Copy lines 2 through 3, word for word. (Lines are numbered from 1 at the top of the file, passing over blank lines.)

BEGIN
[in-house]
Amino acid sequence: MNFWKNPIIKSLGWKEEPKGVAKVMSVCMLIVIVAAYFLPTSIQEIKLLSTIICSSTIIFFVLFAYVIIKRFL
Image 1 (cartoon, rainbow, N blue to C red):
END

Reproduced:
Amino acid sequence: MNFWKNPIIKSLGWKEEPKGVAKVMSVCMLIVIVAAYFLPTSIQEIKLLSTIICSSTIIFFVLFAYVIIKRFL
Image 1 (cartoon, rainbow, N blue to C red):